Pairs lay eggs with the male attached to the female. Males stand upright when attached, and if a group is laying eggs together the males can look like red blades of grass. Here's a pair in which the female is laying eggs on the underside of a lily pad:

A closer look at the female shows how the male is attached to the front of the female's thorax—not to the back of her head, as in dragonflies:

You may observe adults emerging from their larval (naiad) skins in the same general area where the eggs are being laid. Here's a larva that was swimming a few moments before the photo was taken, but who is now drying out on a lily pad, getting ready for the adult to emerge.

In a matter of minutes, the adult makes its appearance:

Soon thereafter the adult is fully emerged from its larval skin, and it now begins to pump up its abdomen and wings to their final size.

Ah, such is the life of an odonate!

Tuesday, April 3, 2018

Dragonfly Alley

A few days ago we visited an area that was new to us, referred to locally as "Dragonfly Alley." On the map its proper name is Queen Valley, and it lies about midway between Gold Canyon and the Boyce Thompson Arboretum. Here's a map of the general area:

Here's a close-up view of the community itself:

Queen Valley is a small little town, centered around a source of water and a golf course. There's nothing else near it—just wild desert.

It also happens to be a great place for dragonflies and damselflies. Over the year, a total of 59 species have been seen in Queen Valley. We went early in the season, so our species list was more like 15 or so. And since this is an early-season population, it consisted of about twice as many damselflies as dragonflies—more or less the reverse of what is typically seen in mid season.

The first odonate we saw as we got out of the car was the Aztec Dancer.

What lovely, intense blue colors it has on both the body and the eyes. Here it is taking off:

This species preferred the shoreline of one of the ponds on the edge of the golf course. Also prominent in the same area was the Familiar Bluet:

Notice how the bluet folds its wing along the abdomen—almost forming a "tent" over the abdomen. In contrast, the wings of dancers are held high above the abdomen.

At a nearby stream, we found the Springwater Dancer.

We were looking for an American Rubyspot here as well, since this is their preferred habitat. After a few minutes one indeed showed up:

One of the most interesting odonates we saw that day was a female Filigree Skimmer. Here she is perched in the sun:

She blends in to the surroundings so well with her wings that look like dried-up leaves and her abdomen that looks like a twig. Notice also her boldly-striped eyes and prominent egg scoop under the abdomen near the tip. Quite the dragonfly.

Queen Valley was a fun place to explore. It's just a small valley in the middle of the desert, hot as blazes, but a great spot for dragonfly watching.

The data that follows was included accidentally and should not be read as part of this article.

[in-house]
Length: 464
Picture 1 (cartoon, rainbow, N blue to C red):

Thursday, March 29, 2018

Species Spotlight: Common Whitetail

The next species in the spotlight is another "common" species—the Common Whitetail. Here's a look at the male of the species:

Notice the brilliant white abdomen—the origin of its common name. The abdomen is wider and flatter than in other species, to show it off to best effect; the underside of the abdomen is black. The white color is the result of pruinosity, which is also visible near the base of the wings. Speaking of the wings, the large black patches are another prominent field mark for this species—as if any additional field marks were needed.

This species generally perches on the ground, when bare areas are available. Here's another example:

Males chase one another back and forth along the shoreline incessantly, and in a very particular way. The pursued male depresses his abdomen to shows its white surface to the pursuer; the pursuer raises its abdomen to show the white surface to the male it's chasing.

Females of this species have small dark spots in the wings, similar to those in female Eight-spotted Skimmers and female Twelve-spotted Skimmers. A key difference, besides the number of black spots in the wings, is that the side stripes along the edge of the abdomen are straight and yellow in the Eight-spotted and Twelve-spotted Skimmers, whereas all but one are white and curve inward at the forward end in the Common Whitetail. This can be seen clearly in the photo of a female Common Whitetail below.

For comparison, here's a female Eight-spotted Skimmer, with her straight, yellow side stripes:

The abdomens of Common Whitetails are so stout and thick that it is difficult for them to maintain the wheel position; therefore, mating is very brief. In addition, it's hard for them to remain attached in tandem, and hence the female lays eggs by herself as the male hovers above her to ward off any intruders.

All in all, the Common Whitetail is a beautiful dragonfly species with lots of interesting behavior to observe. Read more about this and other species in my new field guide, Common Dragonflies and Damselflies of the Pacific Coast.